Celeste and I just came back from the vet's office, where she got her first series of shots and a dose of de-wormer. I have no car, so we walked...well, I walked, she rode. The vet's office is about 10 blocks from our apartment building, with 2 major 4 lane streets to cross. We started out about 11 am, and hoofed it across San Filipe and Salaverry Avenues dodging the crowds of lunch-goers and then continued on down to the market area, where the veterinarian has his office/store. Throughout this little trek, Celeste rode in my arms like a queen in her carriage...regal, stoic, an occasional parade wave of her tail; she greeted her subjects with grace and a dainty little slobber on a priviledged cheek or nose. Her "subjects" were 4 or 5 older ladies out for a walk, a mother and her little daughter, and several street vendors. Each of them made such a fuss, gushing about her blue eyes, her tiny feet, her kissable little nose; comments about her beauty and inquiries as to her age and breed flew so thick I thought I might choke on them. I had no idea she would create the kind of stir in the market that she did. It took us 10 minutes longer to get to the vet's office because of it.
The vet was duly and fashionably 20 minutes late, so we took a seat in the outer area of the office, where dogfood, and pet accessories are sold. One of the stock boys there spoke some broken English, and we got into a conversation about Peru, the US, dogs, and pretty much covered the state of both countries in about 10 minutes. Celeste joined the conversation at certain times, voicing her opinions with short, high-pitched squeals and yodels. I had no idea that was how she communicated, other than screaming in the middle of the night or the occasional growl and regular bark while we are playing. The veterinarian arrived shortly, and turned out to be a jovial, competent fellow, pleasant and good with Celeste, in spite of her screeching when she got her shot. We left the office happy.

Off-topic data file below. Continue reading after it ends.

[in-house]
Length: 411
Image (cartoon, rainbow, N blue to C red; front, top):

The trip back was somewhat less time consuming, but we stopped in the market to buy bologna and cookies. The aroma of bologna nearly made Celeste swoon, and then she tried to scramble out of my arms into the display case containing the lunch meat, plowing into the glass on the outside of the case. Not very queenly demeanor, I thought. She garnered a kiss on the nose from a fellow customer at the lunch meat stall. On we went, to buy the cookies, and were met by another fan, an elderly lady with a soft smile and a freckled cheek, upon which Celeste bestowed a dainty lick. The lady giggled and trotted off to attend to her own shopping.
On the way home, Celeste began to squirm in my arms, so I looked for a likely place to put her down, away from traffic, so she could find a place to squat. The little queen searched and searched, but never did find a suitable newspapery toilet, so I scooped her back up and we beat feet for home. As soon as we got in the door, we headed for the utility room, and thankfully, newspapers.
Ahhhh...relief at last. Thank the heavens and the sun, moon, and stars above for newspapers. All is right with the world.